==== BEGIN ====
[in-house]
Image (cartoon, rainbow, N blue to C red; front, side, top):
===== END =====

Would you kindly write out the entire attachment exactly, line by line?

[in-house]
Image (cartoon, rainbow, N blue to C red; front, side, top):